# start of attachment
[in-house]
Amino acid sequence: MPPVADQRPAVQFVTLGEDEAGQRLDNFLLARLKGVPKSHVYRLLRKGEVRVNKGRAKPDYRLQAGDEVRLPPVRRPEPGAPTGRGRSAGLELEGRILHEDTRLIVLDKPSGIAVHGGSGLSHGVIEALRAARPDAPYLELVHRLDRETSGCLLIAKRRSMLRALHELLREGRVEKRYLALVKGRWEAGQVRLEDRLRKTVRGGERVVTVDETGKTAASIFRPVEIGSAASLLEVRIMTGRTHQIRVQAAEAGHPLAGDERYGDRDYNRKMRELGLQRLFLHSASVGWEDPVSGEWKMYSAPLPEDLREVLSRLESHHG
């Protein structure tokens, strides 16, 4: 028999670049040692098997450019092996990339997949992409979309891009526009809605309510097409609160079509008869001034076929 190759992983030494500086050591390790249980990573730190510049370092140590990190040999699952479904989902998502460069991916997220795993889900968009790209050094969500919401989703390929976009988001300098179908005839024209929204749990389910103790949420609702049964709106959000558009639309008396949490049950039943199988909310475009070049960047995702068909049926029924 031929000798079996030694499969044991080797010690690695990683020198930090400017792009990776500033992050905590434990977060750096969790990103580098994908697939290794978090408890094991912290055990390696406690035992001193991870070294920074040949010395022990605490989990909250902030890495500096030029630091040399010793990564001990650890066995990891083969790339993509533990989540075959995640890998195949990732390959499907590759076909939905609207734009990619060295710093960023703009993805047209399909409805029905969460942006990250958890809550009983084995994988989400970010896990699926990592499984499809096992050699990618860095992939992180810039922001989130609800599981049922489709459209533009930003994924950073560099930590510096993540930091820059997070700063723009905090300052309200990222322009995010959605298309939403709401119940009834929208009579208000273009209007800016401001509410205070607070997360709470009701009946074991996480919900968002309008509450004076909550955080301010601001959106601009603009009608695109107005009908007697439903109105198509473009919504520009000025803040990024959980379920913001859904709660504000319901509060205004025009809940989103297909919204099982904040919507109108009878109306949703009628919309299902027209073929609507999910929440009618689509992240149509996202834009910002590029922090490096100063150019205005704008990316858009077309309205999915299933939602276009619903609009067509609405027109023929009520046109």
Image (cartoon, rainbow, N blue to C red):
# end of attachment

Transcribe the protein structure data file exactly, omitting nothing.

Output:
[in-house]
Amino acid sequence: MPPVADQRPAVQFVTLGEDEAGQRLDNFLLARLKGVPKSHVYRLLRKGEVRVNKGRAKPDYRLQAGDEVRLPPVRRPEPGAPTGRGRSAGLELEGRILHEDTRLIVLDKPSGIAVHGGSGLSHGVIEALRAARPDAPYLELVHRLDRETSGCLLIAKRRSMLRALHELLREGRVEKRYLALVKGRWEAGQVRLEDRLRKTVRGGERVVTVDETGKTAASIFRPVEIGSAASLLEVRIMTGRTHQIRVQAAEAGHPLAGDERYGDRDYNRKMRELGLQRLFLHSASVGWEDPVSGEWKMYSAPLPEDLREVLSRLESHHG
């Protein structure tokens, strides 16, 4: 028999670049040692098997450019092996990339997949992409979309891009526009809605309510097409609160079509008869001034076929 190759992983030494500086050591390790249980990573730190510049370092140590990190040999699952479904989902998502460069991916997220795993889900968009790209050094969500919401989703390929976009988001300098179908005839024209929204749990389910103790949420609702049964709106959000558009639309008396949490049950039943199988909310475009070049960047995702068909049926029924 031929000798079996030694499969044991080797010690690695990683020198930090400017792009990776500033992050905590434990977060750096969790990103580098994908697939290794978090408890094991912290055990390696406690035992001193991870070294920074040949010395022990605490989990909250902030890495500096030029630091040399010793990564001990650890066995990891083969790339993509533990989540075959995640890998195949990732390959499907590759076909939905609207734009990619060295710093960023703009993805047209399909409805029905969460942006990250958890809550009983084995994988989400970010896990699926990592499984499809096992050699990618860095992939992180810039922001989130609800599981049922489709459209533009930003994924950073560099930590510096993540930091820059997070700063723009905090300052309200990222322009995010959605298309939403709401119940009834929208009579208000273009209007800016401001509410205070607070997360709470009701009946074991996480919900968002309008509450004076909550955080301010601001959106601009603009009608695109107005009908007697439903109105198509473009919504520009000025803040990024959980379920913001859904709660504000319901509060205004025009809940989103297909919204099982904040919507109108009878109306949703009628919309299902027209073929609507999910929440009618689509992240149509996202834009910002590029922090490096100063150019205005704008990316858009077309309205999915299933939602276009619903609009067509609405027109023929009520046109």
Image (cartoon, rainbow, N blue to C red):